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How to Choose Outdoor Patio Furniture Location, Location, Location Choosing Natural Materials Opting for Synthetics Deciding on Metals Embellish Your Outdoor Décor A Shelter from the Storm (or Sun) Recommended Brands)
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How to Choose Outdoor Patio Furniture

If you spend much time out of doors, or if you do a lot of backyard entertaining, your outdoor décor is very important. Whether you like the look of complete furniture sets or prefer a more mix-and-match bohemian collection, your outdoor furniture reflects your decorating style.

When brainstorming outdoor furniture ideas, you’ll want to consider all the different areas of your property, from the poolside deck to the patio to the outdoor dining space.

Location, Location, Location

When investing in new outdoor furniture, think about where you’ll be using it. For relaxation by the side of the pool? For a shaded patio area in your garden? For formal outdoor dining under the stars?

Pro tip: Don’t be fooled by the nomenclature. Even “outdoor furniture” is susceptible to harsh conditions over time. Mother Nature packs a pretty punch, and if your outdoor décor isn’t appropriate for your surroundings, she will do some serious damage.

  • Poolside. Durability is key in your poolscape. All outdoor lounge furniture must withstand the elements, but your pool furniture also must handle the added punch of chlorine – from the occasional splashes that glance off their surfaces to the drenched swimmers who sit directly on them.
  • Patio. If you don’t have the protection of an overhead shelter, your patio table and chairs may have an abridged lifespan in extreme weather. Whether you face lots of rain, lots of heat, lots of cold, or lots of fluctuation and a combination of extremes, you can substantially extend the usefulness of your patio table and chairs by protecting them when not in use. Try to avoid metal as it may create problematic stains on your deck or patio.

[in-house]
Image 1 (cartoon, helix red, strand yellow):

• Dining. Your outdoor dining table needs to stand up to more than spilled soup. Be sure that your guests will enjoy their meal by creating an appropriate dining room that is welcoming and comfortable. Even a covered outdoor dining area is susceptible to the elements, but you can shade the dining table with a patio umbrella or protect it from rain with a tent-like pergola.

Equally important, consider your climate when deciding on the material. You’ll want furniture that’s appropriate for your surroundings. Sure, outdoor furniture is designed to withstand the elements – but some materials just do better in certain climates.

Is your weather hot and dry? Arid heat can make even the toughest hardwoods splinter and crack.

Does it rain often? Humidity causes wood and wicker to expand and warp or buckle.

Do you live near the coast? Saltwater in the air will prematurely rust wrought iron and other metals.

Are sustained freezing or below-zero temperatures normal? Snow and ice – just like water – will damage your furniture if it’s not properly covered and protected during the winter months.

Is your area particularly windy? Lightweight aluminum and plastic or acrylic furniture can become projectiles in windy areas.

Choosing Natural Materials

For a classic look, many people choose natural options for their pool deck loungers or patio dining sets.